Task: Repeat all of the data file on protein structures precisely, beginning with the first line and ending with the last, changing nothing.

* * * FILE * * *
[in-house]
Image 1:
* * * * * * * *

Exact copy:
[in-house]
Image 1: